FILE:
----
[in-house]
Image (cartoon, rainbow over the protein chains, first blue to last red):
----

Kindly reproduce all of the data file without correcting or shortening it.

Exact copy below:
[in-house]
Image (cartoon, rainbow over the protein chains, first blue to last red):